Paletko: Relief from state inadequate

Photo by Daniel Heraty


Dearborn Heights Chamber of Commerce Executive Director Wendy Fichter (left) speaks with Mayor Daniel Paletko prior to the annual State of the City address Jan. 10 at Warren Valley Golf and Banquet Center. During the address, Paletko spoke about the influx of businesses and thanked voters for passing the Headlee Amendment override proposal.

By DANIEL HERATY
Times-Herald Newspapers

HEIGHTS – Mayor Daniel Paletko said the State Legislature did little to help the city deal with its financial issues.

During the annual State of the City address Jan. 10, held at Warren Valley Golf and Banquet Center, 26116 Warren Ave., and attended by an estimated 125 people, he called the city’s financial difficulties a “perfect storm” and placed some of the blame on state lawmakers.

“The (2009 $787 billion) federal stimulus package … provided some relief to state and local governments,” he said. “However the efforts proved inadequate for the circumstances and the relief was short-lived.”

While national employment and financial levels have seen some growth, Paletko said local economies continue to struggle. Despite an influx of businesses, a $200,000 decrease in funding for a community development block grant program and a decline in property values – a projected 7 percent on top of 10 percent lost in 2011– dominated issues affecting the city, he said.

Paletko said despite the hardships, the voter-approved Headlee Amendment override did much to help offset further financial issues. He said without the override, which provided a three-mill tax increase and is expected to raise about $3.4 million for the general fund, the city faced severe cuts, including reductions in Fire and Police department staff.

“Words cannot express how grateful I am to our voters,who voiced their collective opinion that the continuation of our basic services and our quality of life is still a high priority in this city,” Paletko said.

He said even with the override, the city still faces challenges and the millage raise is only a portion of the savings needed to continue operating within a balanced budget. He said since he took office, the city has enacted cost-cutting measures, including a 10 percent pay reduction for city employees, consolidation of city-owned buildings, early-out retirement programs for city employees and a higher health care deductible with greater co-pays aimed at keeping insurance premiums to manageable levels.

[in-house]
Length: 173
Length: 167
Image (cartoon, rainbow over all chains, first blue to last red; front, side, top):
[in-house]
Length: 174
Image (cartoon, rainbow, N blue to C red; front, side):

“(The financial hardships) forced all of us to really look at the way we’ve been doing business,” Paletko said. “Everyone at every level must accept responsibility for providing top-quality service at the lowest cost possible.”

Paletko said unemployment levels in the city have dropped to 8.5 percent, their lowest levels since 2008, with many of the jobs coming from small businesses. He called the influx of about 100 small businesses, including a new Tim Hortons, 7205 Telegraph Road and a Bigby’s Coffee, 23902 Ford Road, the “lifeblood that keeps the city moving.”

Reaction to the address was positive.

David Zaletski, manager of St. Hedwig Cemetery, said he was optimistic that things are beginning to turn around. He said having new small businesses is the core to any community.

Basima Farhat, marketing director for Garden City-based Banners Nationwide, agreed, saying despite budget concerns, the mayor’s speech was encouraging. She said she would have liked to hear Paletko talk more about the city’s future, but was pleased with the overall message.

“We have to come together and make sure we sustain ourselves,” she said. “When you feel better, you go out and do better.”

(Daniel Heraty can be reached at dheraty@bewickpublications.com)